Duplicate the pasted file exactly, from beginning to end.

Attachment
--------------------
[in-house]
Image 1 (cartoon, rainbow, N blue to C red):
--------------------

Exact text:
[in-house]
Image 1 (cartoon, rainbow, N blue to C red):